Celeriac is probably more commonly known as celery root. It is a turnip-rooted vegetable, and the root forms a solid knob just below the soil surface.

Italian and Swiss botanists gave the first description of celeriac about 1600. It became popular in Europe in the eighteenth century, but has never been popular in England or the United States.

Most of the United States’ supply of celery root is grown in California. It is available September to April.

When selecting this vegetable, choose roots that are firm. Press the tops of the roots to check for internal rot.

Celery root is usually boiled and eaten alone or in salads. To store, wrap it is plastic wrap and keep it very cool.

THERAPEUTIC VALUE

Celery root is high is phosphorus and potassium. It is beneficial to the lymphatic, nervous, and urinary systems.

NUTRIENTS IN ONE POUND

Calories: 156

Protein: 7.0 g

Fat: 1.2 g

Carbohydrates: 33.2 g

Calcium: 168 mg

Phosphorus: 449 mg

Iron: 2.3 mg

Vitamin A: 0

Thiamine: 0.20 mg

Riboflavin: 0.11 mg

Niacin: 1.2 mg

Ascorbic acid: 30 mg

Radish

August 20, 2018

The radish is a member of the mustard family, but is also related to cabbage, cauliflower, kale, and turnips. After this vegetable was introduced into Middle Asia from China in prehistoric times, many forms of the plant were developed. Radishes are a cool season crop, and the peak period is April through July. The American varieties can be used for both roots and tops in salads, and cooked.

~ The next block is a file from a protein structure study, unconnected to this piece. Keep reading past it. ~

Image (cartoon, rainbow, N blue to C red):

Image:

A good-quality radish is well-formed, smooth, firm, tender, and crisp, with a mild flavor. The condition of the leaves does not always indicate quality, for they may be fresh, bright, and green, while the radishes may be spongy and strong, or the leaves may be wilted and damaged in handling, while the radishes themselves may be fresh and not at all pithy. Old, slow-growing radishes are usually strong in flavor, with a woody flesh. Slight finger pressure will disclose sponginess or pithiness.

THERAPEUTIC VALUE

Radishes are strongly diuretic and stimulate the appetite and digestion. The juice of raw radishes is helpful in catarrhal conditions. The mustard oil content of the radish makes it good for expelling gallstones from the bladder.

A good cocktail can be made with radishes. This cocktail will eliminate catarrhal congestion in the body, especially in the sinuses. It will also aid in cleansing the gall bladder and liver. To make this cocktail, combine one-third cucumber juice, one-third radish juice, and one-third green pepper juice. If desired, apple juice may be added to make this more palatable. An excellent cocktail for nervous disorders is made from radish juice, prune juice, and rice polishings. This drink is high in vitamin B and aids in the flow of bile.